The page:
Last night I had a chance to join Lou Krieger and Shari Geller on their podcast, Keep Flopping Aces, which has recently moved over to the newly-relaunched Hold’em Radio network. We talked some about my trip to Uruguay, but mostly about the WSOP. The show is being replayed all week and will be available for download.
I also last night had a chance to enjoy some of the live streaming from the WSOP.com site I mentioned last post. Saw a bit of the end of Event No. 3, the $3,000 Heads-Up NLHE/PLO event won by Leif Force, plus a good stretch of Event No. 4, the $1,500 Seven-Card Stud Hi-Low event won by Cory Zeidman. Couldn’t stay up for the end of the latter as it went until after 3:30 a.m. or so Vegas time, dawn here on the east coast.
After some glitches early on, the live streams appeared to be in working order. David Tuchman led the commentary on Event No. 3, with Steve Gross and Doc Sands helping out. The other feed had no commentary, but the cards and bets were announced well enough to follow the action.
Here’s that page again for the live streams. The next one starts at 2 p.m. today, I believe, as that stacked final table of Event No. 5 gets underway, the $1,500 pot-limit hold’em event with Bryan Pellegrino, Jon Aguiar, Tommy Vedes, John Eames, and Daniel Negreanu among the last nine.
For those looking for daily recaps and highlights from the WSOP, let me recommend “The WSOP Daily Shuffle” that WSOP Media Director Nolan Dalla is putting out each day. You can find those on the “News” page on the site amid other articles, including Dalla’s initial wraps from each event. For more then go over to the individual pages for each tourney and find Nolan’s “Official Report” from each event for all sorts of facts about each.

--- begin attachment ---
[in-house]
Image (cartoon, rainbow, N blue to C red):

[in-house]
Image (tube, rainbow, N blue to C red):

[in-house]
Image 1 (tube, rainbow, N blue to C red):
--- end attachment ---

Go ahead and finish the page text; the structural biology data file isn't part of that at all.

By the way, the WSOP made another good move this week by hiring Jess Welman as the new Managing Editor of the website. As we’ve come to know via her work with various other outlets, Jess makes everyone with whom she works better, and it’s great to see her teaming up with Nolan and the rest of the WSOP folks in this way.
One of the stories Dalla, Welman, and others are going to be reporting on more and more as the Series goes will be the $1,000,000 buy-in tournament scheduled to begin one month from today (July 1st), a.k.a., “The Big One for One Drop” (Event No. 55).
It is sounding more and more like the field for that one may exceed 40 entrants, perhaps even reaching the announced “cap” of 48. At present at least 30 have confirmed they’ll play, and when I spoke to Seth Palansky not too long ago he sounded confident they’ll get several more.
Over the last couple of weeks I’ve had some nice email exchanges with some of those involved with promoting both the event and the One Drop charity, and agreed to make Hard-Boiled Poker a “media partner” for All in for One Drop. There’s a website with lots of information about the tournament and One Drop, now the official charity of the WSOP.
Unlike some charities with dubious organization and/or handling of resources, the One Drop charity, initiated by Guy Laliberté in 2007, seems especially well run and devoted to an unmistakably worthwhile cause to increase access to clean drinking water in countries presently lacking such a basic need to sustain health and life. If 40-plus do participate, with $111,111.11 taken from each entry for One Drop, that’ll translate to around $4.5 million or perhaps $5 million raised.
Was glad to get involved when asked, happy to help folks like 2010 WSOP ME champ Jonathan Duhamel (pictured above with Laliberté) and others looking to promote the tournament and the charity. Besides, I’m as intrigued as anyone by the prospect of a poker tournament with a $1 million buy-in... and, perhaps, a first prize of more than $15 million (or even more than $17 million).
A ton happening at the WSOP between now and then, of course. Looking forward to a little time to enjoy being a fan before heading out to help report on it all.